“Mozambique’s legislature is expected to pass a bill to legalize abortions in March in an effort to reduce the country’s high rate of unsafe … abortions,” the Christian Science Monitor reports, noting under current law, abortion remains illegal in the country under any circumstances. The bill “would revise the country’s … abortion law and legalize voluntary abortions in the first 12 weeks of pregnancy,” making Mozambique “the ninth African country to liberalize its abortion policy in the last decade,” according to the newspaper.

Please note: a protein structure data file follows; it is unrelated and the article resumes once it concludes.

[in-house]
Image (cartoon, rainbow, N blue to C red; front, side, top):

“Malaria is killing more people worldwide than previously thought, but the number of deaths has fallen rapidly as efforts to combat the disease have ramped up, according to new research from the Institute for Health Metrics and Evaluation (IHME) at the University of Washington” published in the Lancet on Thursday, an IHME press release reports. “More than 1.2 million people died from malaria worldwide in 2010, nearly twice the number found in the most recent comprehensive study of the disease,” the press release states (2/2). The study, funded by the Bill & Melinda Gates Foundation, “used new data and new computer modeling to build a historical database for malaria between 1980 and 2010,” BBC News notes (Bowdler, 2/2).